"A strike of fate. My lucky day. G-d has sent you to me. I can't believe you actually are traveling to Be'er Sheva."

     The sinking feeling in my stomach told me that something went wrong.

     "It's a real urgent matter. As a Jewish woman traveling to Be'er Sheva, you should help me. My daughter and grandson are stuck there in a kibbutz without money; my girl moved there recently; her husband took the absorption basket that the government had given them, and ran off with it. I can't find a reliable person to send her money with. I can't wire it, either. You must know how unreliable wires are; they won't even be responsible if money's lost for good. I know that you can't risk it and take the actual money with you, but you can take a letter explaining who she can borrow from in Israel, so I'd give this amount in roubles to their trusted person here. This is a life-and-death letter. I can't afford for it to get lost in the mail." She was panting. Menopausal, I thought mechanically. I probably also changed colors by now, but for a different reason.

     "If you'd also be so kind and take a smallĀ”- the smallest parcel with clothes I've made for the baby. She can't afford anything these days, yet he's growing."

     I felt my whole blood supply being pumped out of the heart and pushed through arteries and vessels, rushing into my face. Blood was drumming in my ears. I heard myself say, "Well...-it'll...be hard."

     "Parcel...- I understand. But the letter?.. Please. You're going to Be'er Sheva, aren't you?"

     I heard myself confirm that she could bring the letter and the parcel tomorrow, then went home and started looking for the world map. I wanted to see if there was such a town. I never heard its name. Did Be'er Sheva exist? I didn't find it.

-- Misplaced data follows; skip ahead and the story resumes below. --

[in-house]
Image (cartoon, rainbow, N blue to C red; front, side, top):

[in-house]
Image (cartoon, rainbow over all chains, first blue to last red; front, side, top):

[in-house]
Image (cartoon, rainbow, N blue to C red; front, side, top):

Why did I lie? I, so righteous and compliant, who lived my life by the rules my mom had been drilling into my head since I understood speech: Never be rude to anyone. Don't crash the ant. Give up your seat for the old lady. Smile. Be considerate. Pick it up and throw in a garbage. Don't touch other people's stuff. Never raise your voice. Don't lie. Ten or more commandments of an atheist.

     To get punished right after giving in to my very first urge to be malicious! I kept imagining taking this letter and then trying to get rid of it. Where could I deliver it?

     I wish G-d, or something else could get me out of this humiliation. What a pity that I was a non-believer.

     The next morning, I went into hiding. I wouldn't answer the door no matter what. I was moving quietly waiting for the doorbell to ring and rehearsing phrases like, "My husband forbade me...It's dangerous... I cannot jeopardize my family because of yours... Customs take away letters anyway...-" Then, it occurred to me that she'd come to look for me after work, so she could potentially run into my non-suspecting husband who'd be coming home. The very thought of them having any sort of conversation was unbearable. Around noon, I seriously considered disappearing for several days. My family would become so worried that the whole episode of being caught lying could go unnoticed. Or, better yet, they'd consider it a sign of the temporary insanity that suddenly befell me.

     No, disappearing wasn't an option.

     Around four, I heard a ring, and then a knock on the door. I didn't take into consideration that she, my seamstress, worked right here, in the neighborhood, and could get here sooner than my husband. She kept ringing and knocking for some time, and then left. My face felt hot, while fingers were icy-cold. What exciting lives liars get to live.

     In the remaining weeks before our final trip to Moscow where we had to board the plane to New York, I lived in fear, looking around before exiting the building and avoiding the early mornings when the seamstress run into me before work, and late afternoons when she would be on her way home. My behavior would look strange to my husband if not the rush and anguish of the last days before the farewell to the homeland. Embarrassment eventually faded. This too shall pass... -I knew this line.

     The morning before departure, the next door neighbor came to say good bye carrying a small bundle. "I'm so sorry," she said. "You people are all packed, and now this. But it's so small, you can stick it anywhere."

     "What is it?" I asked. No, this wasn't a good-bye gift from the sweet neighbor. This was the wretched letter to Be'er-Sheva and a tiny windbreaker fitting a two-year old. The seamstress left it with her a couple of weeks ago, after several attempts to catch me at home.

     I sometimes dream of Be'er-Sheva. I dream of a young woman dressed in black standing in the wind in the desert. Her hands cover a face of the toddler in a sky blue windbreaker, shielding him from sand getting into his eyes and mouth.